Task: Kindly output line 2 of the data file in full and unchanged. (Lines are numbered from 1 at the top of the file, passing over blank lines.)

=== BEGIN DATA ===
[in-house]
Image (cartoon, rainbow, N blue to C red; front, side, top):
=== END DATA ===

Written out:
Image (cartoon, rainbow, N blue to C red; front, side, top):